(2) By Remark 4.3 and assertion (1), w is an isolated fixed point. By Proposition 2.8, D uniquely extends to $D'$ on $X'$ . Let $\omega $ be a generator of $H^0(\operatorname {\mathrm {Spec}} \mathcal {O}_{X,w} \setminus \{w\}, \Omega ^2)$ with $D(\omega ) = 0$ . Since w is an RDP, $X'$ is again an RDP surface, and it follows from Proposition 2.3 that $\omega $ extends to $\omega '$ on $(X')^{\mathrm {sm}}$ , which generates $H^0(\operatorname {\mathrm {Spec}} \mathcal {O}_{X',w'} \setminus \{w'\}, \Omega ^2)$ at any closed point $w' \in X'$ above w, and that $D'(\omega ') = 0$ . Hence, $D'$ is symplectic at every fixed point above w. Since as above such fixed points are isolated, $Y'$ is smooth outside finitely many isolated points. Applying Proposition 2.10 to $\omega $ on $X \setminus \{w\}$ and $\omega '$ on $X' \setminus (\operatorname {\mathrm {Sing}}(X') \cup \operatorname {\mathrm {Fix}}(D'))$ , we obtain $2$ forms $\psi $ on $Y \setminus \{\pi (w)\}$ and $\psi '$ on $Y' \setminus \pi ((\operatorname {\mathrm {Sing}}(X') \cup \operatorname {\mathrm {Fix}}(D')))$ , which are nonvanishing. Comparing $\psi $ and $\psi '$ , we observe that g is crepant.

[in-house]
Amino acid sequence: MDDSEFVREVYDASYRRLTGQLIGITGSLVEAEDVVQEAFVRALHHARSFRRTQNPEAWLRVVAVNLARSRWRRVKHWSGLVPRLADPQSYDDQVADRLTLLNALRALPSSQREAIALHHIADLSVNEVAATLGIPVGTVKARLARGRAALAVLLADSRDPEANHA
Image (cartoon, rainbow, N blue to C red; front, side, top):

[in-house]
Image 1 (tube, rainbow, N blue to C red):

Proof of Theorem 4.6(2)
By Remark 4.3 and Lemma 4.8(1), w is an isolated fixed point. By shrinking X, we may assume that D has no fixed point except w.
We construct a finite sequence $(X_j,D_j)_{0 \leq j \leq n}$ ( $n \geq 0$ ) of RDP surfaces $X_j$ and derivations $D_j$ on $X_j$ of multiplicative type that is symplectic at each fixed point. Let $(X_0,D_0) = (X,D)$ . If $X_j$ has no fixed RDP, then we terminate the sequence at $n = j$ . If $X_j$ has at least one fixed RDP, let $X_{j+1}$ be the blowup of $X_j$ at the fixed RDPs and $D_{j+1}$ the extension of $D_j$ to $X_{j+1}$ . Since any RDP becomes smooth after a finite number of blowups at RDPs, this sequence terminates at some $n \geq 0$ . By Lemma 4.8(2), $D_{j+1}$ on $X_{j+1}$ is symplectic at each fixed point, and $(X_{j+1})^{D_{j+1}} \to (X_j)^{D_j}$ is crepant. By Theorem 4.6(1) and Lemma 4.8(1), $Y_n = (X_n)^{D_n}$ has canonical singularity (i.e., has no singularity other than RDPs), and since $Y_n \to Y = X^D$ is crepant, also Y has canonical singularity. If $n> 0$ , then $\pi (w)$ is not a smooth point since $Y_n \to Y$ is a crepant morphism nonisomorphic at that point, and if $n = 0$ , then $\pi (w)$ is not a smooth point by Lemma 4.8(1). Hence, in either case, $\pi (w)$ is an RDP.
Moreover, we can classify all possible symplectic $\mu _p$ actions on RDPs.